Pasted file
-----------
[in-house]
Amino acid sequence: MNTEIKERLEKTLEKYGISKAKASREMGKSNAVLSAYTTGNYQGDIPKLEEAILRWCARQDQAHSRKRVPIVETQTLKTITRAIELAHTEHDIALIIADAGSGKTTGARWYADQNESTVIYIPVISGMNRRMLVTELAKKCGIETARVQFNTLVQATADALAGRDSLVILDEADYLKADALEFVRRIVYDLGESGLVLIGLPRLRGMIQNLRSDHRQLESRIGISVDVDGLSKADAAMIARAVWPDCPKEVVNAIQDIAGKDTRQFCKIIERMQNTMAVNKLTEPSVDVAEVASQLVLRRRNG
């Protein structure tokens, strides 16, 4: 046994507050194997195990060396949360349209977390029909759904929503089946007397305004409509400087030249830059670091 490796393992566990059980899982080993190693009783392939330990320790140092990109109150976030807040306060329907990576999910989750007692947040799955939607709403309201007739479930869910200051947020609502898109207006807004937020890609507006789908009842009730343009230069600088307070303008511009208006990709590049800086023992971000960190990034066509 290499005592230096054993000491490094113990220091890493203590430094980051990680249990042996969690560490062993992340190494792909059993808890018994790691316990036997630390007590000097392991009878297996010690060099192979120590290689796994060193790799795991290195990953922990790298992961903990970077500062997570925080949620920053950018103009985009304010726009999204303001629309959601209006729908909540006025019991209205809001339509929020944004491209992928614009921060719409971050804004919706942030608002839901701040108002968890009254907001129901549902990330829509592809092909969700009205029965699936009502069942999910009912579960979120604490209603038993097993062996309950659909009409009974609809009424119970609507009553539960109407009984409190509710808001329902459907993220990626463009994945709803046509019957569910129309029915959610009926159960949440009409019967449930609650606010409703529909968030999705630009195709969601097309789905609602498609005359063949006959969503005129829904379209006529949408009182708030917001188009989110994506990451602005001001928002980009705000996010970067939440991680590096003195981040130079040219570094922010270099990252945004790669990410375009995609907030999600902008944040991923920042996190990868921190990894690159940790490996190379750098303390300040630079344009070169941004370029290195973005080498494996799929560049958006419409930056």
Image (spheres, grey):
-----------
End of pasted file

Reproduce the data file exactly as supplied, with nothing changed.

[in-house]
Amino acid sequence: MNTEIKERLEKTLEKYGISKAKASREMGKSNAVLSAYTTGNYQGDIPKLEEAILRWCARQDQAHSRKRVPIVETQTLKTITRAIELAHTEHDIALIIADAGSGKTTGARWYADQNESTVIYIPVISGMNRRMLVTELAKKCGIETARVQFNTLVQATADALAGRDSLVILDEADYLKADALEFVRRIVYDLGESGLVLIGLPRLRGMIQNLRSDHRQLESRIGISVDVDGLSKADAAMIARAVWPDCPKEVVNAIQDIAGKDTRQFCKIIERMQNTMAVNKLTEPSVDVAEVASQLVLRRRNG
């Protein structure tokens, strides 16, 4: 046994507050194997195990060396949360349209977390029909759904929503089946007397305004409509400087030249830059670091 490796393992566990059980899982080993190693009783392939330990320790140092990109109150976030807040306060329907990576999910989750007692947040799955939607709403309201007739479930869910200051947020609502898109207006807004937020890609507006789908009842009730343009230069600088307070303008511009208006990709590049800086023992971000960190990034066509 290499005592230096054993000491490094113990220091890493203590430094980051990680249990042996969690560490062993992340190494792909059993808890018994790691316990036997630390007590000097392991009878297996010690060099192979120590290689796994060193790799795991290195990953922990790298992961903990970077500062997570925080949620920053950018103009985009304010726009999204303001629309959601209006729908909540006025019991209205809001339509929020944004491209992928614009921060719409971050804004919706942030608002839901701040108002968890009254907001129901549902990330829509592809092909969700009205029965699936009502069942999910009912579960979120604490209603038993097993062996309950659909009409009974609809009424119970609507009553539960109407009984409190509710808001329902459907993220990626463009994945709803046509019957569910129309029915959610009926159960949440009409019967449930609650606010409703529909968030999705630009195709969601097309789905609602498609005359063949006959969503005129829904379209006529949408009182708030917001188009989110994506990451602005001001928002980009705000996010970067939440991680590096003195981040130079040219570094922010270099990252945004790669990410375009995609907030999600902008944040991923920042996190990868921190990894690159940790490996190379750098303390300040630079344009070169941004370029290195973005080498494996799929560049958006419409930056």
Image (spheres, grey):